Is Heat’s Kyle Lowry sending a message about Pat Riley’s message? – The Denver Post

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Q: What is Kyle Lowry’s contract status after this year? After hearing his comments regarding him getting in better shape as per Pat Riley’s directive, do the Heat have to renew him next year if his 2022-23 season is similar to last year’s? – Bob, Davie.

A: First, until the hamstring injury in the playoffs, Kyle Lowry had a solid first season with the Heat, especially in light of the time that a family matter took him away from the team. When he was on the court in 2021-22, he was good and the Heat were good. As for his contract, it is for $28.3 million this season and $29.7 million in 2023-24 in the final year of his three-year, $85 million deal. And as for Kyle downplaying Pat Riley’s conditioning questions, that is nothing more than pride. It is similar to how Tim Hardaway bristled at such Riley concerns when Riley included a weight clause in Tim’s contract. Comments don’t matter; actions do. And Kyle clearly has arrived at Heat camp in season-ready shape.

Q: I’m very optimistic for this Heat season, but I think it’s reasonable to expect a little bit of a dropoff from Max Strus, Caleb Martin and Gabe Vincent. The Heat always find a way to mine undrafted talent, but it seems those same players take a step back once they hit the scouting report. – John, Ocala.

A: I’m not sure if it is a case of taking a step back or the challenge increasing. With great expectations come greater responsibilities. Ultimately, that becomes too great a challenge for some, with that now a concern with Duncan Robinson, after the Heat perhaps assumed too much about what he could sustain on his plate. One thing about Max Strus, Caleb Martin and Gabe Vincent is they all are well-grounded, appreciative of what it took to get here and what it will take to make the next step. I do not see any of those three regressing. What I cannot be as certain about is how much further they can raise their games. That’s what will make this season, particularly the early stages, intriguing.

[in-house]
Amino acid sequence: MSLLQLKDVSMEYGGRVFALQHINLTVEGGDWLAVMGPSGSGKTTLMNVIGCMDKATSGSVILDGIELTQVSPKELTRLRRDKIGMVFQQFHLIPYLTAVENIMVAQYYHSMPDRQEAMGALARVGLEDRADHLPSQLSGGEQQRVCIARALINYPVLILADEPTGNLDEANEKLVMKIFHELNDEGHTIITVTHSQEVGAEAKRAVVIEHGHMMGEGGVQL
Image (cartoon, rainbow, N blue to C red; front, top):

Q: My “Ask Ira” question today: In the upcoming season, do you see the Miami Heat getting Bam Adebayo out more in the open court on the fastbreak? Tape from last season shows he is really hard to stop when he is running. – Stuart.

A: A couple of things there. First, the best way to bust out in transition for a big man is to secure the rebound. So Bam Adebayo’s transition opportunities could well be a factor of his defensive rebounding. But you also have to be careful of carrying too much of such a mindset. Too many players get so caught up in going end to end that they get lost, so to speak, in the red zone. That sort of was the case with KZ Okpala, who would get into the paint and then all bets were off. Going further back, Billy Owens was so caught up in pushing the ball as a bigger man that the defense would set up at midcourt to pick his pocket off the dribble, knowing he was headed there with his head down. So even if Bam picks up his pace, it also has to be done in moderation and with purpose.

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